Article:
Advanced molecular detection promises advances in both laboratory and epidemiological practice, especially in the area of whole genome sequencing (WGS). In the spring of 2015, APHL and CDC initiated a pilot project, in collaboration with the Wisconsin State Laboratory of Hygiene (WSLH), to exchange WGS data between APHL Influenza Reference Centers and CDC. The result is an elegantly simple deployment of technological tools that, when integrated, create an accessible environment for data exchange, management and analysis of WGS data.
13 GB and Counting
But this solution was not easily achieved. From the outset, the challenges of a new technology that generates a 13 GB file with a single full run were evident: data storage, inadequate broadband speeds and infrastructure, CDC firewall restrictions, expensive bioinformatics tools and long -term archiving support. To address these issues, APHL worked closely with the WSLH and CDC’s Influenza Division to explore and pilot WGS data exchange options between the Influenza Reference Centers and CDC.
The multi-faceted solution relies on the APHL Informatics Messaging Services (AIMS) environment. Developed by APHL with CDC support, the AIMS platform was designed to enable public health entities to share data efficiently and securely with diverse messaging partners. Since then, it has evolved into a stable and secure environment whose application and platform services reside in the Amazon Web Services cloud environment.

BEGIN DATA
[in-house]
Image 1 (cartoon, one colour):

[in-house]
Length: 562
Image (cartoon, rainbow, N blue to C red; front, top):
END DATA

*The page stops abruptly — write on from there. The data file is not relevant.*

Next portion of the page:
The solution begins with the transfer of Wisconsin WGS data using AWS Simple Storage Service (S3) client -- a tool that simplifies the uploading and downloading of WGS data to AIMS via a client-side application. Once the data is secured on AIMS, raw sequence files are available to CDC. These files will ultimately be available to submitting reference center labs through a simple file management service.
WGS raw data can then be transferred to bioinformatics tools for data analysis and to a separately managed/secured AWS cloud-based instance of Clarity LIMS to support quality control and run management. After two to three weeks, data can be transferred to AWS Glacier for long-term archiving and online backup.
The pilot project has shown very promising results. Large, multi-gigabit data files are available to trading partners in only a few minutes, a process that often took several days previously. Analysis is faster and analytical results, notes and updates are shared among all participants simultaneously from a central data source. Data is secured in a centralized environment using processes and procedures that comply with multiple federal standards.
The APHL/CDC Whole Genome Sequencing Data Exchange project holds great promise for innovation, data exchange, data availability and analytics. As it advances over the next year, APHL and CDC will add other reference centers and laboratories with the goal of making the system available to all public health laboratories. In addition, the partners plan to expand the scope beyond influenza to include several other pathogens.
For more information, contact Patina Zarcone, director, Informatics, 240.485.2788,